Problem: Pesticides, fertilizer, GMO’s, seeds, put high costs on farmers. How can we increase crop yields, and create better lives for farmers by increasing their productivity without harming their incomes?
Pesticide costs: According to National Geographic, it costs 500 000 Tanzanian shillings, more then $300, to buy enough pesticide to treat a single acre. This is a crippling expense in a country with an annual per capita income is less than $1,600. The use of pesticide also traps farmers in a cycle of dependency. Referred to as the "pesticide trap," farmers get caught on the treadmill as they are forced to use more and more — increasingly toxic — chemicals to control insects and weeds that develop resistance to pesticides.As "superbugs" and "superweeds" develop in response to widespread and continuous use of chemicals, a farmer will spend more on pesticides each year just to keep crop losses at a standard rate.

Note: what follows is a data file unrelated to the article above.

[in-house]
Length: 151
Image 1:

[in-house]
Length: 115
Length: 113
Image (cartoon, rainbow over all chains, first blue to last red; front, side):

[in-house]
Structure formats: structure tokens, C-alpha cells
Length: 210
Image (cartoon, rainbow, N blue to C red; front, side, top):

Overall, pesticide resistance is increasing. In the 1940s, U.S. farmers lost seven percent of their crops to pests. Since the 1980s, loss has increased to 13 percent, even though more pesticides are being used. Between 500 and 1,000 insect and weed species have developed pesticide resistance since 1945.
Delegates should consider whether pesticides, fertilizers, GMO’s, and other farm equipment, are viable methods of improving food security, or if they do more harm (to the environment, human health, and farmers incomes) then they do good.
Alternatives: Planting more varied crops to reduce the risk of one group of pests destroying an entire crop. Planting “refuge fields” filled with plants pests like - thus luring them away from cash crops. Biological pest control, using natural predators to deter insects.